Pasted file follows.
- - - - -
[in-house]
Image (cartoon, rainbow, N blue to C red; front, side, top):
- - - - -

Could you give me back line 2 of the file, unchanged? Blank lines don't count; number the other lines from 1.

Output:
Image (cartoon, rainbow, N blue to C red; front, side, top):